Acoustic rock is often a dubious territory. It’s a fluid gray area encompassing everything from bright and dirty folk melodies harking back to Dylan and Simon and Garfunkel to chukka-chukka punk crossovers into kinder/gentler land. In any case, you generally want Dreadnought rockers to be doing it as a “fuck this electric shit” statement rather than as an avenue to squish saccharine lullabies about girls into a more condensed commodity.
The Trolleyvox are primarily an acoustic band. This doesn’t mean the Philadelphia popsters don’t pepper The Karaoke Meltdowns with some slashing electric lines, but the core of The Trolleyvox’s music is Andrew Chalfen’s dexterous acoustic arpeggios and Beth Filla’s cryptic vocals. Chalfen manages to cram as much thick sound into a single tone as seems sonically possible. The result is a fat, vibrant ring that twangs like rubber and settles into the eardrums like reverberating cotton candy. The twelve-string tones give the band’s pop a much heavier and meaty feel, reminiscent of the ringing harmonies of The Byrds. Mix in the vibrant imagery of vocalist Beth Filla’s wordplay and you have a potent mix of jangle and power pop that often invokes R.E.M.
Filla is the second piece of the puzzle. Just the right mixture of bubblegum, sexy, and brooding, she can sustain angelic choruses and turn on a dime right down to breathy sensuality. Sweeping jangle pop anthems like “I Know That You’re High” shows her at her oscillating best, buffeting soaring refrains with hopscotch verses. She has a quirky Michael Stipe side for words that invoke irresistible visuals, spinning lines about artichoke hearts, pelicans, and helium.
The Karaoke Meltdowns is a chiseled framework of sharp little radio burners, averaging around the comfortable three minute mark. Thankfully, it’s a diverse bubble of bright colors, fluid motion, and furry sound. “Just You Wait” is a spiteful little tirade against contemporary fatcats, oil-mongers, and bombs-for-progress talking heads. The brightness of the song suddenly is hammered by a hailstorm of noise during the coda as Filla sings ‘end’ with golden exasperation. “A Summer Without You” casually lifts the escalator riff from Fleetwood Mac’s “Gypsy” and delivers one of the most sanguine tracks on the album. Airy snare drum pumps its magazine into the heart of the echoing guitar harmonics and Beth Filla’s sultry alto. Other tracks are downright pretty, like the sweeping “Preamble” and the dusty “Deep Blue Central.” The latter plays like a Charles Wysocki painting with its horse-drawn percussion and picturesque acoustics.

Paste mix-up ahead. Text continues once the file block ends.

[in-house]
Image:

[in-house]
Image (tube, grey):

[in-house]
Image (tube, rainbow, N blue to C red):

A couple of tracks miss, like the bland “Joyride.” Interestingly enough it’s the only track that Filla doesn’t lend lead vocals to, and stinks with stale mid-’90s mainstream “alternative” of Matchbox Twenty or Goo Goo Dolls. It doesn’t fit, and is ultimately a crow among the songbirds.
The Karaoke Meltowns comes to a punchy climax on “Whisper Down the Lane.” Kicking off with the acoustic progression from the opening “Preamble,” it rides across a thunderous roller coaster of wild percussion and a flighty chorus. Hearing Filla sing ‘sex up the Christ’ tugs up the corners of the mouth in a sly grin before the track spirals out in a frenetic orgy of tremolo. By the time the closing “Pale Star and Line” speaks its final piece over the slumbering sunset, The Trolleyvox has done its work. The band has delivered a juicy pop album with enough to satisfy even the most jaded. Like me.